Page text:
• Blocking, as mentioned above, but problematical from a constitutional viewpoint – although one library said that the profanity on myspace may qualify for blocking under CIPA regulations.
  • Workshops for teens. One of our staff suggested that “teens teach teens”, which may improve attendance or interest….we may have sessions on “how to make the most of myspace” but then go heavy on the safety message. However, we all know the limited audiences and usefulness of such attempts.
  • One library is going to start requiring that Internet users ages 13-17 attend an “Internet orientation” delivered via PowerPoint, before they are allowed ongoing Internet privileges. They will receive a sticker for their library card indicating that they have viewed the information. We hope that library will post info on this strategy after implementation.

At this time, Dauphin County Library System is not going to block, or chat sites. We will continue to use the user behavior policy to address noisy teens. We are looking at our Internet safety info on our website and will be talking with teens about the best way to reach them about their online practices. I am still interested in hearing from other libraries about effective methods for promoting Internet safety…another marketing challenge, similar to getting people to use our electronic databases.

Thanks for a productive exchange of ideas on this matter.

Feel free to contact Cathi with further questions/comments – she is very interested to hear what you have to add.

Cathi Alloway
Public Services Director
Dauphin County Library System
Email: calloway@DCLS.ORG
Phone: 717-234-4961 x107
Fax: 717-234-7479


  1. Wow, this is really tough issue to deal with! There was a good article on the pros and cons of MySpace on the cover of US World & New Report recently that some other librarian bloggers were linking to as they felt it gave a fair run down of the site.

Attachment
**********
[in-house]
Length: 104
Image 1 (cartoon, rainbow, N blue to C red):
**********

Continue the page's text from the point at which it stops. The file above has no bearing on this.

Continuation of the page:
I think there are huge benefits to sites like this and let’s face it, they’re not going anywhere(!) and there are benefits to networking, meeting new people, etc. However, the dangers are undeniable given the nefarious people that are out there these days.

    I think the biggest thing is teaching kids safety. They need to know what’s appropriate online and what’s not and who to go to if they come across something improper. There are some great sites out there right now ( for reporting, NetSmartz for education, etc. etc. ) The MySpace parent page also has some great links. In addition to teaching kids parents need to keep their finger on the pulse! So many parents barely know how to turn on a computer it’s scary!

  2. There are good and bad aspects to all technologies. The key is to learn how to use the technology safely.

    According to an article in Fortune, more than 50% of MySpace users are over the age of 35. We would have to assume that most of these people (like me) are legitimate users — people connecting with their market (e.g., musicians) as well as people connecting with family and friends. This is a site where teens will be interacting with a broad range of people — just as they do in real life — so they need to apply the same rules here as they would if they were riding a NYC subway.

    It should also be noted that young people are engaging in polychronic learning when they use these tools. They have adapted to this learning style, which is something we’ll need to keep in mind.

    (Born & raised in Dauphin County)

Leave a Reply

Your email address will not be published. Required fields are marked *